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When a user completes their Nevada Career Explorer assessments and career exploration activities (i.e VR Job Shadowing, SANDI workshop, etc.) they are ready to further explore available Nevada resilient training. Users will have access to the catalog via their Nevada Career Explorer portal along with a PDF version they can download.
The catalog is broken down into 3 sections:
When does a Community of Practice member check for SANDI training funding eligibility?
The community of Practice members' first goal is to enroll as many users as possible in NVCE and start their Individual Career Map (ICM). We want to expose and spark curiosity in as many individuals as possible about Nevada's resilient industries and the training Project SANDI offers. Proof of eligibility will occur at the end of an individual ICM; once a participant is interested in moving forward with training from the SANDI catalog, the COP member check a prospective student's eligibility.
If a participant selects a training course with a community College, that participant will be referred to the designated Community College Career Navigator.
Suppose the participant selects a private training provider; that participant will be reassigned to a COP member from that training provider. In addition, dependent on the client's overall needs (wrap-around services). In that case, the client will also be connected to a One-Stop, NGO, or State Agency community of practice member for wrap-around services support.
What is braided funding? Braided funding involves combining two or more funding sources (or “streams”) to support a program or activity. Braided funding pools multiple funding streams toward one purpose while separately tracking and reporting on each funding source.
How is braided funding carried out? In some cases, an organization will plan to meet a specific goal or objective by raising funds from multiple sources, each aware of the blended funding approach. Braided funding strategies can also involve various organizations joining together to implement a common program or goal, bringing different funding sources.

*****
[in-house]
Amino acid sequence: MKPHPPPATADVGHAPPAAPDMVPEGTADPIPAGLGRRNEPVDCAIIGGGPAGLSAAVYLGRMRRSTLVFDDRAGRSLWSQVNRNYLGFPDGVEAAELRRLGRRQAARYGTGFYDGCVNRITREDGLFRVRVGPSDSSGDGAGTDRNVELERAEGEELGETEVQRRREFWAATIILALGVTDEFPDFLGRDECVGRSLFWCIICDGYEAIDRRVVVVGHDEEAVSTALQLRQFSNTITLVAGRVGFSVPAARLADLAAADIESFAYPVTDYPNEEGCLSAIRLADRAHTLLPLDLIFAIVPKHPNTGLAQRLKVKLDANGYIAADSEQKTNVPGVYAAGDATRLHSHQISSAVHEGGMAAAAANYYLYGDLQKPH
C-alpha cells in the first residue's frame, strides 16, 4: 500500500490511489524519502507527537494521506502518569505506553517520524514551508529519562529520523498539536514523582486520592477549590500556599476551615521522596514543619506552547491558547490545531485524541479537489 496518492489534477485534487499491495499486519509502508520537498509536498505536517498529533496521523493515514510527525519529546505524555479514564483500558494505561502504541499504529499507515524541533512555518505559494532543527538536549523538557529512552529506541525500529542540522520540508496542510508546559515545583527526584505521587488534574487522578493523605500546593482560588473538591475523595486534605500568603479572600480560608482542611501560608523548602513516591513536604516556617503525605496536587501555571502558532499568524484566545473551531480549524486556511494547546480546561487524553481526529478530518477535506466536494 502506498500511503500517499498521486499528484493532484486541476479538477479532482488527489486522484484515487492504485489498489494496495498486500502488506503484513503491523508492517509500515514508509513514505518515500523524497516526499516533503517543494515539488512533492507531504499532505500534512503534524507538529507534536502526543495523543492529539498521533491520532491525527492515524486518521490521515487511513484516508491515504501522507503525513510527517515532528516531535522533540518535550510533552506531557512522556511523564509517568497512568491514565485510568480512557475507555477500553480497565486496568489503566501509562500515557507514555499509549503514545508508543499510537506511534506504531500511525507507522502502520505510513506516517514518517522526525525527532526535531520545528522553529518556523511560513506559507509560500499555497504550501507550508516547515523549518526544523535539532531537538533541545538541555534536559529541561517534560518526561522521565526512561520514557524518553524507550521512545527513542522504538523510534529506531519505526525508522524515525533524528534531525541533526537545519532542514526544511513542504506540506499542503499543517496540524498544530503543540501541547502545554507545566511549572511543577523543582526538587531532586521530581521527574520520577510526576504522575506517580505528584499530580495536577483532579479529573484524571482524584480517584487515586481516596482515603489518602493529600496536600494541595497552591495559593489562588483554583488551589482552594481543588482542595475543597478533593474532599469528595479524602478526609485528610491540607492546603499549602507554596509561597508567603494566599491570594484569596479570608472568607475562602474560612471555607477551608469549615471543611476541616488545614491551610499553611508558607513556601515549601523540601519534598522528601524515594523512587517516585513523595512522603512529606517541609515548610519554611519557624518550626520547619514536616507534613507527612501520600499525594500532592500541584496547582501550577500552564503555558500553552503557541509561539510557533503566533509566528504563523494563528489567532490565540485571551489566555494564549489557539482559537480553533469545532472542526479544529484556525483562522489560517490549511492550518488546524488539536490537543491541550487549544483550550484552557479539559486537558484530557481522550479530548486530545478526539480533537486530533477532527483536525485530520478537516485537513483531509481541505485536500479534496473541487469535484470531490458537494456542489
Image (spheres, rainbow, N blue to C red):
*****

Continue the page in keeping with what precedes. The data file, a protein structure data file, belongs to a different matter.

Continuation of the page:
Why use Braided funding? Limited federal workforce development and educational funding mean workforce service providers must do more with less. Also, public funding for workforce programs comes through multiple agencies and programs with different requirements and purposes. Braiding funding supports existing or new programs without raising the total funds needed from one source.
What are the challenges of braided funding? When using multiple funding sources for one program or objective, each source of financing usually comes with specific goals, target populations, and performance indicators. Effectively braiding funding streams requires organizations to track multiple funding sources' requirements (such as the use of funds or performance metrics).
All community of practice members is encouraged to become familiar with their local WIOA partners as they will be a critical source for wrap-around services. Other community partners for support services outside of WIOA are also encouraged. Support Services via WIOA title I are available for Adult, Dislocated Worker, and Youth programs. For youth programs support Services are one of the 14 youth elements that must be made available to participants.
What is WIOA?
The Workforce Innovation and Opportunity Act (WIOA) was signed into law on July 22, 2014. WIOA is designed to help job seekers access employment, education, training, and support services to succeed in the labor market and to match employers with the skilled workers they need to compete in the global economy. Congress passed the Act with a wide bipartisan majority; it is the first legislative reform of the public workforce system since 1998.
The term ‘‘supportive services’’ means services such as transportation, child care, dependent care, housing, and needs-related payments, that are necessary to enable an individual to participate in activities authorized under this Act. A Support Service may only be provided to participants to enable their participation in WIOA services and tied to that specific service. Needs are typically identified through the Initial Assessment process and outlined in the Employment Plan. A Support Service payment is made to or on behalf of eligible participants for temporary assistance required to support the individual’s Employment Plan. WIOA Title I will only pay for expenses incurred while a participant is enrolled in the program and actively participating in activities authorized under WIOA. Support Services are not intended to meet every need of the participant. Rather, they provide temporary assistance.
|Click here to see the northern Nevada funded partner list||Click here to see the southern Nevada funded partners list|